March 3, 1998
Randall Terry and his fanatical followers have invented a new technique of literary criticism. They rip up books that don't meet their standard of morality.
Terry, who once headed the anti-abortion Operation Rescue movement, has singled out Barnes & Noble, the nation's largest bookstore chain, for selling books by Jock Sturges and David Hamilton. Both are respected photographers whose work is displayed at the Museum of Modern Art and the Metropolitan Museum of Art. Said Sturges about his well-known and mostly sentimental scenes of nude families, "To find the work obscene, you'd have to find homo sapiens between 1 and 17 inherently obscene.''
The self-appointed censors have been circling above the nation for months, searching for prosecutors willing to sue Barnes & Noble despite previous failed attempts to pull books off shelves. Only one state Attorney General showed the requisite disregard for the First Amendment. Guess who.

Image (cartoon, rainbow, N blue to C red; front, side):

Alabama's appointed Attorney General Bill Pryor is eager to dictate what citizens may read. He proclaims the need to protect children, and yet he stubbornly refuses to join other states in suing the tobacco industry for luring teenagers to cigarettes. He preaches morality, and yet he values political ideology above life itself.
Last week a New York Times editorial entitled "A Dixie Book Burning'' gave the state a big black eye. Apparently the editors saw Pryor's election-year hypocrisy clearly, for they referred to the Alabama Attorney General by title only, refusing to contribute to any national name recognition. The editors warned that his actions will "serve notice that legal entanglements await other bookstores.''
Meanwhile, sales of books by Jock Sturges and David Hamilton are up all over the nation.
-- Dan Silver
Read more comics in the Life Forms Archive!